Diversity, Equity & Inclusion

Why Is It Important to Talk About Race and Racism?

When we teach kids early on that it’s OK to talk about race, we help them to understand, respect, and appreciate the differences between people. This builds empathy and compassion for others so that kids are better able to see when things in their world seem unjust or unfair — and can do something about it. Read more ›

It’s Never Too Early to Talk With Children About Race

Infants as young as six months old can recognize differences in skin color. By age two and a half, research has shown, children prefer playmates who are similar in race and gender. And as early as age three, they are forming judgments about people based on racial differences.

What children learn, hear, and witness from family members, friends, and others in their communities about race plays a major role in how they view people who are different from them, according to Yale experts. Read more ›

Students of Color in Special Education Are Less Likely to Get the Help They Need – Here Are 3 Ways Teachers Can Do Better

When I was a special education teacher, my colleagues and I recommended that a Black girl receive special education services because she had difficulty reading. However, her mother disagreed. When I asked her why, she explained that she, too, was identified as having a learning disability when she was a student. Read more ›

BIPOC Mental Health Trends and Disparities

Even though mental health experiences are unique to each person, there are a few trends within the BIPOC community that highlight similar disparities and barriers throughout each ethnic group. Read more ›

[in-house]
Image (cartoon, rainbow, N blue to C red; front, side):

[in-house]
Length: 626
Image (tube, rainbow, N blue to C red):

Black Girls With Disabilities: Pushed Out, Unsupported, Struggling to Learn [video]

From inadequate educational experiences to constant, harmful disciplinary practices, school is a harmful place for many Black girls with disabilities. The National Center for Learning Disabilities (NCLD) in conjunction with The Education Trust interviewed two Young Adult Leadership Council (YALC) members about their experiences in school as Black girls with learning disabilities. Read more ›

Assistive Technology Tools for Learning Differences, ADHD, and Executive Function Challenges [web resource]

For many students with differing abilities, assistive technology provides a bridge to overcome barriers to participation and progress in school. Read more ›

Youth, Disclosure, and the Workplace Why, When, What, and How

Every job seeker with a disability is faced with the same decision: “Should I or shouldn’t I disclose my disability?” This decision may be framed differently depending upon whether you have a visible disability or a non-visible disability. Ultimately, the decision of whether to disclose is entirely up to you. Read more ›

Disability Disclosure and the Americans with Disabilities Act (ADA)

Deciding if, when, and how to share disability-related information with a prospective or current employer can be overwhelming. The decision-making process requires answering a number of personal questions that may be different with each employment experience. Read more ›

Free Guidance on Job Accommodations and Disability Employment Issues [web resource] [video]

Serving customers across the United States and around the world for more than 35 years, the Job Accommodation Network (JAN) is the leading source of free, expert, and confidential guidance on job accommodations and disability employment issues. Read more ›

Students with Disabilities Preparing for Postsecondary Education

More and more high school students with disabilities are planning to continue their education in postsecondary schools, including vocational and career schools, two- and four- year colleges, and universities.

As a student with a disability, you need to be well informed about your rights and responsibilities as well as the responsibilities postsecondary schools have toward you. Read more ›

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